This Netgear SOHO switch has 15 – count 'em! – vulns, which means you need to upgrade the firmware... now

One of them is a critical RCE bug

Netgear has released a swathe of security and firmware updates for its JGS516PE Ethernet switch after researchers from NCC Group discovered 15 vulnerabilities in the device – including an unauthenticated remote code execution flaw.

The switch is vulnerable to nine high-severity vulns and a further five medium-rated ones, said NCC Group IT security consultant Manuel Ginés Rodriquez in a damning blog post about his findings.

The critical vuln, an RCE (CVE-2020-26919), came about because firmware versions prior to "failed to correctly implement access controls in one of its endpoints, allowing unauthenticated attackers to bypass authentication and execute actions with administrator privileges."

Rodriguez wrote that from the router's default login.html page "every section... could be used as a valid endpoint to submit POST requests being the action defined by the submitId argument." Ordinary low-privileged users could therefore execute system commands.

This opens the door for a malicious person to hijack your switch, perhaps installing malware on it to silently man-in-the-middle your internet connection. Small wonder NCC gave it a CVSSv3 score of 9.8, almost at the highest severity of 10.0.

On top of that was an active-by-default TFTP server running on the device which permitted the upload and execution of unsigned firmware updates, allowing anyone at all to upload potentially malicious updates to the switch even if they weren't aware of the RCE vuln (CVE-2020-35220).


If you own one of these 45 Netgear devices, replace it: Kit maker won't patch vulnerable gear despite live proof-of-concept code


"The uploaded file is being written directly into the image partition, overwriting the previous information before being validated," noted Rodriguez.

Netgear did not respond to a request for comment. The company has form for its product lines containing multiple severe vulnerabilities, as The Register found last year when Netgear decided it wouldn't update the firmware for a swathe of vulnerable small office/home office routers – even though researchers had published live proof-of-concept code for exploits targeting the 40 devices.

In the company's defence it has published firmware updates for the JGS516PE switch on its website. The current version is

The firm, whose good reputation has taken a bit of a bashing in recent years, also came under fire from customers last year after they discovered that its latest managed switches do not offer access to the full user interface unless you register them through the Netgear Cloud. ®

Broader topics

Other stories you might like

  • Experts: AI should be recognized as inventors in patent law
    Plus: Police release deepfake of murdered teen in cold case, and more

    In-brief Governments around the world should pass intellectual property laws that grant rights to AI systems, two academics at the University of New South Wales in Australia argued.

    Alexandra George, and Toby Walsh, professors of law and AI, respectively, believe failing to recognize machines as inventors could have long-lasting impacts on economies and societies. 

    "If courts and governments decide that AI-made inventions cannot be patented, the implications could be huge," they wrote in a comment article published in Nature. "Funders and businesses would be less incentivized to pursue useful research using AI inventors when a return on their investment could be limited. Society could miss out on the development of worthwhile and life-saving inventions."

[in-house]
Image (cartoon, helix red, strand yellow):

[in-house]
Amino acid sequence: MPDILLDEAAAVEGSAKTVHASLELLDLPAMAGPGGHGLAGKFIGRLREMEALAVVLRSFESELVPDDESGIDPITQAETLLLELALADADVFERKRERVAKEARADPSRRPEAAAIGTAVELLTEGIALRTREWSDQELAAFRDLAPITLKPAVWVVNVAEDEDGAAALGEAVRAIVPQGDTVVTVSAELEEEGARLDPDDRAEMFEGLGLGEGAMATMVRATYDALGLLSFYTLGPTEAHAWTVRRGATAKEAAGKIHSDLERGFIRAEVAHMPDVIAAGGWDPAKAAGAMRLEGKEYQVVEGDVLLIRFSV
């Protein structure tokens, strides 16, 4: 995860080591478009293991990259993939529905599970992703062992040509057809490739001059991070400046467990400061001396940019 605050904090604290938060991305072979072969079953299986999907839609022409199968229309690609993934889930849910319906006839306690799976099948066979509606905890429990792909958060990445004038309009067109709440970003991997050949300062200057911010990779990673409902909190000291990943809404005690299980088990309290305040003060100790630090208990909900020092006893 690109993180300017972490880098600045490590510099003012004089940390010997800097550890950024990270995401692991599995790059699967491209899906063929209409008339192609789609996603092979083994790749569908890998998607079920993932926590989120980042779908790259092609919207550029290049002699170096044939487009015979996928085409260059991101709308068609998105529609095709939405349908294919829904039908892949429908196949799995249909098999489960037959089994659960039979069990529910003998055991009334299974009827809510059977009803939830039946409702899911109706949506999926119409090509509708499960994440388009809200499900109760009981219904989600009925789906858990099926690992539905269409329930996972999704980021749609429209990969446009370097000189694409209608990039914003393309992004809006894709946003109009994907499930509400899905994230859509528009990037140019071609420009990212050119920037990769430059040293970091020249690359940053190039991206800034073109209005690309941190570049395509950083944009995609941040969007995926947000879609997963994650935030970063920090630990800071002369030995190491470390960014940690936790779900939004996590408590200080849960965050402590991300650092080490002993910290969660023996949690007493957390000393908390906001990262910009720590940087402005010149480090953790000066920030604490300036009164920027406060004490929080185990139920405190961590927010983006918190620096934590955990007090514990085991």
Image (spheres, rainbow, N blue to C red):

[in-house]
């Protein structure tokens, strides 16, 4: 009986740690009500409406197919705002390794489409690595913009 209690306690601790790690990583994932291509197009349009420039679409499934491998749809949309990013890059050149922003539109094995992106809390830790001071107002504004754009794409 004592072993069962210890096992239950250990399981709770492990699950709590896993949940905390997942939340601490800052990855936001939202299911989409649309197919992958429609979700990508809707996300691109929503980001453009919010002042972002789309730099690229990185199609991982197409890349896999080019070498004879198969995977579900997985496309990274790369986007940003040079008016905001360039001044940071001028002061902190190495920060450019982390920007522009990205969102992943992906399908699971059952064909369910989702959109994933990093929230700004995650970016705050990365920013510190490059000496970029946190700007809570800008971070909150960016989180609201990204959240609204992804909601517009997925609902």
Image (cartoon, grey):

Continue reading
  • Declassified and released: More secret files on US govt's emergency doomsday powers
    Nuke incoming? Quick break out the plans for rationing, censorship, property seizures, and more

    More papers describing the orders and messages the US President can issue in the event of apocalyptic crises, such as a devastating nuclear attack, have been declassified and released for all to see.

    These government files are part of a larger collection of records that discuss the nature, reach, and use of secret Presidential Emergency Action Documents: these are executive orders, announcements, and statements to Congress that are all ready to sign and send out as soon as a doomsday scenario occurs. PEADs are supposed to give America's commander-in-chief immediate extraordinary powers to overcome extraordinary events.

    PEADs have never been declassified or revealed before. They remain hush-hush, and their exact details are not publicly known.

    Continue reading
  • Stolen university credentials up for sale by Russian crooks, FBI warns
    Forget dark-web souks, thousands of these are already being traded on public bazaars

    Russian crooks are selling network credentials and virtual private network access for a "multitude" of US universities and colleges on criminal marketplaces, according to the FBI.

    According to a warning issued on Thursday, these stolen credentials sell for thousands of dollars on both dark web and public internet forums, and could lead to subsequent cyberattacks against individual employees or the schools themselves.

    "The exposure of usernames and passwords can lead to brute force credential stuffing computer network attacks, whereby attackers attempt logins across various internet sites or exploit them for subsequent cyber attacks as criminal actors take advantage of users recycling the same credentials across multiple accounts, internet sites, and services," the Feds' alert [PDF] said.

    Continue reading

Biting the hand that feeds IT © 1998–2022